To understand the difference between exponential growth and linear growth, consider this: If you were to place a drop of water in the middle of London’s Wembley stadium, wait for a minute, place two drops, wait for another minute, place three drops, then 4 drops and so on, it would take 11 years to fill the stadium. If instead the number of drops increased exponentially; in other words, you place one drop, then two drops after a minute, then four, then eight and so on, the stadium would be full by the 48th minute. Exponential growth is everywhere, powering progress over recent decades through Moore’s law, the observation that the number of transistors on a microchip doubles every two years, a pattern that now means we have more processing power on our smartphone than the entirety of the National Aeronautics and Space Administration (NASA) had for the moon landings. 

Humans also have a predisposition toward negativity that is wired deep into our DNA. Until recent times, Homo sapiens were the underdogs of the savannah, under constant threat from the risks of predators, disease, and starvation. Being able to notice and pay attention to these threats was an evolutionary advantage—the pessimists survived, and the optimists died. We have since left the savannah and its perils and built civilizations. Yet a quick glance at the evening news will remind you how we are still plagued by this negativity bias.

The amygdala, a part of the brain dedicated to processing risk and fear, receives sensory information and stimuli before they’re sent to the cerebral cortex, meaning a fear reaction is initiated even before we can consciously process what is happening—an “amygdala hijack,” as the psychologist Daniel Goleman described it. Since today’s risks are, for many, no longer short-term dangers to the individual—think predators and starvation—but rather longer-term threats to the collective—like economic or political blowups and nuclear weapons—kneejerk fear and urgency, instead of helping us, may instead be a hindrance to assessment of and response to complex circumstances. Evaluating today’s risks often calls for sober judgment and consideration of the potential opportunities, imaginative fixes, and upside of a situation.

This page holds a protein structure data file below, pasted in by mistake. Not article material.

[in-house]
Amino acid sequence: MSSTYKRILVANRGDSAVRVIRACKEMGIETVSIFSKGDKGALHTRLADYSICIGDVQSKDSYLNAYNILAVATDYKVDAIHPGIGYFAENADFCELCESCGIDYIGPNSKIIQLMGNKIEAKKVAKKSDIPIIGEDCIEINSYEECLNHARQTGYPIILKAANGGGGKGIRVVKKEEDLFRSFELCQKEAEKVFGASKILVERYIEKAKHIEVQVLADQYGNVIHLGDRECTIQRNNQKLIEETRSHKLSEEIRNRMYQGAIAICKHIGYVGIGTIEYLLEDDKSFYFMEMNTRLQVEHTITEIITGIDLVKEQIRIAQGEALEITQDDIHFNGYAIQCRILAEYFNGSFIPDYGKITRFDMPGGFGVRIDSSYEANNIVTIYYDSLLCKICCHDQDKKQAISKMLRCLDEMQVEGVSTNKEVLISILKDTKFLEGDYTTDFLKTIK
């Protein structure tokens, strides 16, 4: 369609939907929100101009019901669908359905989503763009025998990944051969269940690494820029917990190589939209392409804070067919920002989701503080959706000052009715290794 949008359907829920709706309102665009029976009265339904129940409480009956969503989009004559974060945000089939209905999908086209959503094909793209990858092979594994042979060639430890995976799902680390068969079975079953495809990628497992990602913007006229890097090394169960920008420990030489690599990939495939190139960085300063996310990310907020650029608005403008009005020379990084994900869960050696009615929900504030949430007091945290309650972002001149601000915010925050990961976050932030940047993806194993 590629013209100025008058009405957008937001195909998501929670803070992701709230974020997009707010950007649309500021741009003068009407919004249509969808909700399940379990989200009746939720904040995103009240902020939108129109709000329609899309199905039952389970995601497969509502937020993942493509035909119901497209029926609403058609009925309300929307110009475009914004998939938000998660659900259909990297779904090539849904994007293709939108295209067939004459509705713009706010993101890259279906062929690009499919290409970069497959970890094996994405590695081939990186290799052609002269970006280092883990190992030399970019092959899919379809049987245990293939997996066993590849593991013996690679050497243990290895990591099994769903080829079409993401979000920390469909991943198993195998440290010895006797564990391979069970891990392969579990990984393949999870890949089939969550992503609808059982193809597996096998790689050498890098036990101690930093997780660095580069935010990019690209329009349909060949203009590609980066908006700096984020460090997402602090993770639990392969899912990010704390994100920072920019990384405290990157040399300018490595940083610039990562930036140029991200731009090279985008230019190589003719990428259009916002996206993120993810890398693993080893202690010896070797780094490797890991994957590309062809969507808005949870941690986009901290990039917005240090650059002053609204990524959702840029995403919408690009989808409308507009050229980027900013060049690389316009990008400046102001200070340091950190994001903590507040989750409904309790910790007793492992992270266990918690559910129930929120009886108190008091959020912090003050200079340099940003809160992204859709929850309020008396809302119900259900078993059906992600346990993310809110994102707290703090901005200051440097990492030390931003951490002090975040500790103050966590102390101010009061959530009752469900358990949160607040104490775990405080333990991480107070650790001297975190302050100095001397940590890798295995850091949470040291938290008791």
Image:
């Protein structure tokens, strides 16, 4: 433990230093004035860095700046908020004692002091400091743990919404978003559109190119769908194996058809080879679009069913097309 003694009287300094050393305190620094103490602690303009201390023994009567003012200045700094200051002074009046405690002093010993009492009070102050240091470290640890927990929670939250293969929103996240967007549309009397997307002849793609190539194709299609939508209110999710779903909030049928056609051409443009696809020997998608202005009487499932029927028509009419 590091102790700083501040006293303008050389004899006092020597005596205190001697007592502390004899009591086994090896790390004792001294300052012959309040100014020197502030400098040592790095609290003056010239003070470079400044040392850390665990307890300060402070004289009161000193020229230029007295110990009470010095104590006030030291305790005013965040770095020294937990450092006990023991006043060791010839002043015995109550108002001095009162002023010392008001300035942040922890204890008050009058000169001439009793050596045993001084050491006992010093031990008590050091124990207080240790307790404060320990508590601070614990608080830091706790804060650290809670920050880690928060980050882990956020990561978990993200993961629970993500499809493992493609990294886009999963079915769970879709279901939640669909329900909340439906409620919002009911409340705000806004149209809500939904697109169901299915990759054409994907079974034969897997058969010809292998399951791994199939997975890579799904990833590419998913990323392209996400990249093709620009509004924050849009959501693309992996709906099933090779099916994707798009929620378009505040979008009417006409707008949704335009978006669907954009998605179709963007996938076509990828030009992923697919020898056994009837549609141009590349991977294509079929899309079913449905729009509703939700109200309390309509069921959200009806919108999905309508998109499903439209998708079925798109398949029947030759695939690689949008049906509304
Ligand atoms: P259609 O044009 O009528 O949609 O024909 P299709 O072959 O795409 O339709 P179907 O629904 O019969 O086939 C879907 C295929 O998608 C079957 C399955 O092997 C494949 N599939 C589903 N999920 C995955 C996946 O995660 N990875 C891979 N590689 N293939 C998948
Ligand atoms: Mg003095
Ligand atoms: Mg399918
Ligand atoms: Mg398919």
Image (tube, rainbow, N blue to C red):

Biologist Paul Ehrlich claimed in his 1968 book The Population Bomb, for instance, that given growing population trends, the battle to feed humanity was over. He predicted that by the 1980s four billion people would die of famine, even claiming that India was so close to collapse that it should not even receive food aid, since this would only prolong the pain. This Malthusian fear mongering could hardly have been more wrong. World calorie supply per person has increased by over 25% since 1968 and the annual death rate from famine is now just 1% of what it was in the 1960s, all despite booming populations. Imagine if food aid to India had been cut off, as was suggested?

If there is any lesson to learn, it is this: a radically better future is far more likely than we often assume. The technologies and ideas that will take us there are ones that we cannot yet imagine. To believe in progress is to believe in the extraordinary, the unconventional, and the unknown. Perhaps this is the last reason we underestimate progress. We perceive it as naïve and fanciful to place confidence in yet undefined future breakthroughs. But sticking to the known and the proven will result in one thing with absolute certainty: undue pessimism.